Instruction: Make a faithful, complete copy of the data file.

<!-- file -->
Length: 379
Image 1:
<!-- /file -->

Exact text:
Length: 379
Image 1: